Tuesday, July 9, 2013

In the Boise Markets: Memory Sisters

Heidi and Marcia create wearable art as the Memory Sisters. Their colorful designs on silk, velvet, or chiffon scarves can change your look--or your outlook.


Friday, July 5, 2013

Why Did the Chickens Cross the Pasture?

To let the vegetation regrow, reduce parasites and disease, spread nutrients evenly, and to find more plants and insects to eat.

The chickens crossed the pasture in a travel trailer.

I visited Malheur River Meats’ ranch while they were moving their chickens recently. Their flock of laying hens and attending roosters live in remodeled trailers. I’ve lived in something similar, but it still had appliances and furniture.


The chickens can’t move on their own; they need some help: First, pull the T posts at each corner of their current pasture. It’s easiest to use a chain on the bucket of the tractor.


See this line of fence? As you walk down it, pull each of the white fence posts out of the ground. Lay each post, and the attached woven electric fence, on the ground as you go.


When you get to the end, grab the last post and walk toward the chicken's new pasture. Once the fences are in the right places, hook the tractor to the trailer and drive off. If the door swings open and chickens start popping out, ask the photographer to run over and shut the door.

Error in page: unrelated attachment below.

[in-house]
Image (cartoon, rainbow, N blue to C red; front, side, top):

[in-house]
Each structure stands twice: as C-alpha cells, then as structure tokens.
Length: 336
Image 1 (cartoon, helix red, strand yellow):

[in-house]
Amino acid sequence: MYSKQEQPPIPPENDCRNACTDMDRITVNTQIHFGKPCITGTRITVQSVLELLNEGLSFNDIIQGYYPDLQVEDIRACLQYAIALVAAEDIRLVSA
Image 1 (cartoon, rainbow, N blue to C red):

Be careful as you drive over the prone fence.


In the chickens' new pasture, stop on a level spot and unhook the tractor. Don't forget to go back for the escaped chickens, which are outside the new pasture. They won’t cross the prone fence, so have the tallest person hold it up so everyone else can chase the chickens underneath. You’ll need at least one person per chicken.


Complete the job by reassembling the fence. Remember to reattach the electrical connectors at each corner, so that an electrified fence is more than just a good idea.

When the fence is complete, open the trailer door and stand back from the explosion of red, grey, white, and black hens. Soon, they'll be laying brown, green, tan, and white eggs at their new home. See a video of the action here.

The chickens seem pleased with their new digs; how does the pasture feel about the roving chickens?

Lisa Burke, one half of the Farming Engineers in Kirklin, Indiana found the answer on Google Earth. The current image of their farm was taken in early spring, before the pasture greened up. But the chickens' travels the previous summer show as a chain of vigorously growing green patches.


The chickens, and their supplemental feed, add nutrients to the soil, but I suspect something else is going on, too. I wonder if the chickens’ scratching could have roughed the soil surface enough that it warmed more quickly than the other areas.

How do you think the chickens painted green patches on the pasture?